During middle childhood, as children become more efficient at processing "inputs," their attention span lengthens in duration and their ability to focus and concentrate their attention becomes more pronounced and reliable. Children gain the ability to sustain their attention towards a topic (such as a teacher's lesson plan) for longer periods of time. Further, their ability to inhibit or ignore the automatic tendency of their attention to become captured by distractions (such as birds twittering outside the window) also improves. The net effect is that children become more efficient learners and more able to tolerate and benefit from classroom instruction.
Of course, not all children experience this typical progressive improvement in their ability to pay attention. Some middle-childhood aged children do not experience these normal attention and memory improvements and instead struggle to concentrate in the increasingly demanding school, family and social environments they find themselves in. If not addressed adequately, such children's attentional difficulties can go on to result in substantial academic and social problems. A child's persistent inability to sustain focus on activities may be a sign of Attention Deficit Hyperactivity Disorder (ADHD) which is discussed in great detail in our ADHD topic center.
According to Information Processing Theory, children's memory capacity and the ability to use their memory also increases and improves during middle childhood. Children's improved memory skills allow them to store increasing amounts of information and to reliably retrieve this information later on when they need it in order to complete homework, tests, and other academic activities. In addition to increases in actual memory capacity, children also become more sophisticated in the ways that they organize the information they remember. For example, at this age children become better able to use memorization strategies (e.g., heuristics or short cuts for remembering, for instance, learning the first letter of each word in a list that you are trying to remember. The nonsense word "ROYGBIV" is an example of such a mnemonic strategy for remembering the colors in the rainbow: Red, Orange, Yellow, Green, Blue, Indigo, and Violet. As children become more capable at storing and retrieving information, they correspondingly also become more able to draw upon knowledge they've previously learned in order to draw conclusions and make educated guesses about how to solve new problems.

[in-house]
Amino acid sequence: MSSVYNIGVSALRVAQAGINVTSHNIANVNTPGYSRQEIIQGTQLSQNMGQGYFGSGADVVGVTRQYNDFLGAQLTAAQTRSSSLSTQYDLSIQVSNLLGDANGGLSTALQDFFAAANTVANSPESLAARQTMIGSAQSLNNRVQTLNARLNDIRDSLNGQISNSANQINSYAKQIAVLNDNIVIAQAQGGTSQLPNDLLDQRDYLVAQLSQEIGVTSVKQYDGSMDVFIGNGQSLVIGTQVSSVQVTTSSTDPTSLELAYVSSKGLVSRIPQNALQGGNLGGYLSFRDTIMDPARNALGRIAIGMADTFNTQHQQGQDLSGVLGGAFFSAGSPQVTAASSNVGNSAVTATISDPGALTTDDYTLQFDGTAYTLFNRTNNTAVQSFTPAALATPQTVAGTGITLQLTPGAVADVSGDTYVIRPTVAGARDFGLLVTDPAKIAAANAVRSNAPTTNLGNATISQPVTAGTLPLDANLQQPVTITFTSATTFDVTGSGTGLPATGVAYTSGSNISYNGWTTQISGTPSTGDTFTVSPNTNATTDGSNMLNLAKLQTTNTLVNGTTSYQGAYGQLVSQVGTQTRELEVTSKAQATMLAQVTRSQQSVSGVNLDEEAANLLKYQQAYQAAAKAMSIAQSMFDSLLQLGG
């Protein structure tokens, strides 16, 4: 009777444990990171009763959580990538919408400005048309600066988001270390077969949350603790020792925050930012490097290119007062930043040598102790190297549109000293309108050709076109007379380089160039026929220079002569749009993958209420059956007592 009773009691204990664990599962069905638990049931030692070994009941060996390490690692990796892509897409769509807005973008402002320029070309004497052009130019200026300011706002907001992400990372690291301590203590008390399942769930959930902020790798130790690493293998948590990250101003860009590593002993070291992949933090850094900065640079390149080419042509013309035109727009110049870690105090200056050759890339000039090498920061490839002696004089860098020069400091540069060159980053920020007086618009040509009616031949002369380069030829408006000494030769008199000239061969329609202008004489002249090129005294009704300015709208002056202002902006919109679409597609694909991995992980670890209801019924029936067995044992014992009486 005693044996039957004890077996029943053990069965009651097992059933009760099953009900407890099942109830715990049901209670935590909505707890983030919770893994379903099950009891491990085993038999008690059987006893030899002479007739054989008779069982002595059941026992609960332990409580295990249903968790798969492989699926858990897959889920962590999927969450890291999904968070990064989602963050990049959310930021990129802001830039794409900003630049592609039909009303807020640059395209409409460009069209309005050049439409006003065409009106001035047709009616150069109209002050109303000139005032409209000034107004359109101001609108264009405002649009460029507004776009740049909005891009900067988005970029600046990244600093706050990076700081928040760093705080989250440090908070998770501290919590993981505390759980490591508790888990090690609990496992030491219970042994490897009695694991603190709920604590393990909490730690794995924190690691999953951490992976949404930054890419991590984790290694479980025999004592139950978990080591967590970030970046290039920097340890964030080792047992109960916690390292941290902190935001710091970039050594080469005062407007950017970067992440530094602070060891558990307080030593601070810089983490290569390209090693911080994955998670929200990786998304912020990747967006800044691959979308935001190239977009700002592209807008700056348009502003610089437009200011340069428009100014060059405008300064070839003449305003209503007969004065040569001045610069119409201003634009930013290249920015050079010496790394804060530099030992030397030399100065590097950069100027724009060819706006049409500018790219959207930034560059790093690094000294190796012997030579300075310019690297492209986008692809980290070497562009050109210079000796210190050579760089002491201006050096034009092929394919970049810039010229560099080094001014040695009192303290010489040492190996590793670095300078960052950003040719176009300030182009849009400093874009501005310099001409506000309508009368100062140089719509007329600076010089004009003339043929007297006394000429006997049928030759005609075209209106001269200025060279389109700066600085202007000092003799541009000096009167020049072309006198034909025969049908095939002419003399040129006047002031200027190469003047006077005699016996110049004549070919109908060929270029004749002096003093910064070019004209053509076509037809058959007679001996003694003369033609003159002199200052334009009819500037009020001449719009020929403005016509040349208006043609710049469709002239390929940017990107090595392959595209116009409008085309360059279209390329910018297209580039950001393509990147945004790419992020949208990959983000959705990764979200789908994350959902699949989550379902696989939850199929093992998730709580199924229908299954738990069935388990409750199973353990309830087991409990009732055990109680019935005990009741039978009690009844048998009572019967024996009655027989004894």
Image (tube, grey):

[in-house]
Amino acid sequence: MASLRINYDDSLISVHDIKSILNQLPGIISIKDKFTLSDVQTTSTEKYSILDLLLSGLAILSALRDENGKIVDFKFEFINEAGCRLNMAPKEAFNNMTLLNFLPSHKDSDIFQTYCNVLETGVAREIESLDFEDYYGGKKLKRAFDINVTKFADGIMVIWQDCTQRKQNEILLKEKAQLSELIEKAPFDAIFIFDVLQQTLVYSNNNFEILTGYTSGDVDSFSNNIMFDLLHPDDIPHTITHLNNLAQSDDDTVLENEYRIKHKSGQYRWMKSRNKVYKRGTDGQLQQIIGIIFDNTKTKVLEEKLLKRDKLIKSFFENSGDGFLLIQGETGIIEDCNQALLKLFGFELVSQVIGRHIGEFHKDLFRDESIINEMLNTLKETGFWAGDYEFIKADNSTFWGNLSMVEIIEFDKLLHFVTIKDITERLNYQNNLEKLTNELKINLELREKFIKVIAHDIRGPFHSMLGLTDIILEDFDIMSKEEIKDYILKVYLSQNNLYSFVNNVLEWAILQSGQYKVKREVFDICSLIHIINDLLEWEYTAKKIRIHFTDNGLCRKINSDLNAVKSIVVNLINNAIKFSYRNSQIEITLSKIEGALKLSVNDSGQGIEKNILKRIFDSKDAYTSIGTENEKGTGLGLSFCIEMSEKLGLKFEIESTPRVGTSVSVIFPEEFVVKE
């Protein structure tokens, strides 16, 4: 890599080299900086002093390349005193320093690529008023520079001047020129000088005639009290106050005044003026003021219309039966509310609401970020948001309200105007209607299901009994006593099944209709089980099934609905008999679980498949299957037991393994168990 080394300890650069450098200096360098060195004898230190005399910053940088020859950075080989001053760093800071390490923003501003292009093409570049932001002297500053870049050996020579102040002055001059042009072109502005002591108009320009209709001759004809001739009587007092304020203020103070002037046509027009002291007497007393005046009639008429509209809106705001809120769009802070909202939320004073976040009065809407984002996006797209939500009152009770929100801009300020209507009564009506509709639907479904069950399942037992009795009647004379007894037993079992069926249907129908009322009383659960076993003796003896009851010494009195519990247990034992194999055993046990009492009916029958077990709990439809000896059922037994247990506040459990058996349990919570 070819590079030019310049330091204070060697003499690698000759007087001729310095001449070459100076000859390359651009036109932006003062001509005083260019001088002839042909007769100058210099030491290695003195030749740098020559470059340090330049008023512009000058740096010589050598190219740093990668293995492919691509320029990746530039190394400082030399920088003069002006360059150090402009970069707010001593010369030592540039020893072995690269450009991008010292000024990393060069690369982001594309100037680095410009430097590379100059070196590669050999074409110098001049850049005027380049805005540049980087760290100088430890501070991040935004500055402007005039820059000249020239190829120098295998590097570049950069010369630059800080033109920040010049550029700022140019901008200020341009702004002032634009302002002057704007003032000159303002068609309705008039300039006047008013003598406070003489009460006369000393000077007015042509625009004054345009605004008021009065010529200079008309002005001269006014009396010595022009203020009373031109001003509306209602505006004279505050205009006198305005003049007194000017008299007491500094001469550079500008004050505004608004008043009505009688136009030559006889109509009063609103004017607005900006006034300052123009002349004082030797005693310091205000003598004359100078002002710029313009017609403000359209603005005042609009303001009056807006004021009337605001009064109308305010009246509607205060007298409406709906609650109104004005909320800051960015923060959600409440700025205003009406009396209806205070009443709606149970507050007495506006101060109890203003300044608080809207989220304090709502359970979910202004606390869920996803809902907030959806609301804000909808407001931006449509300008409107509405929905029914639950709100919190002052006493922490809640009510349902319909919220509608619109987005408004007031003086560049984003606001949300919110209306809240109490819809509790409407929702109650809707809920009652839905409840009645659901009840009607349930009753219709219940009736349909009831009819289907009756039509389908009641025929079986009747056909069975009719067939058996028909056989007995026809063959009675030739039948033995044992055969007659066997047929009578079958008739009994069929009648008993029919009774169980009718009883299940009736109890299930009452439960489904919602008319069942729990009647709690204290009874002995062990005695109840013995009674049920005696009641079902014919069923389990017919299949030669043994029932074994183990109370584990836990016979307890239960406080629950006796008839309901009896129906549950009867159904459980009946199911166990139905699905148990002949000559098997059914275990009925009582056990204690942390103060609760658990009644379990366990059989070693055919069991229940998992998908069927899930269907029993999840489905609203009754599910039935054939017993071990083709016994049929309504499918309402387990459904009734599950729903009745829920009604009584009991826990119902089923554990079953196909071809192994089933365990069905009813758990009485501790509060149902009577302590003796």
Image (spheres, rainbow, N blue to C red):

Middle childhood-aged children's overall knowledge continues to grow and to become better organized as a byproduct of their everyday use of their expanding cognitive skills. With the growth of their knowledge base, children's meta-cognitive abilities also mature. The term "meta-cognition" describes children's growing ability to pay attention to their own mental state and to use this information to more efficiently solve problems. A good example of children's meta-cognitive abilities is their development of cognitive self-regulation, which describes their ability to recognize and determine whether they are progressing successfully toward a goal. If they are not progressing satisfactorily, well developed cognitive self-regulation skills help children to recognize that this is the case and that they need to come up with a new approach to solving their problem if they are to make further progress.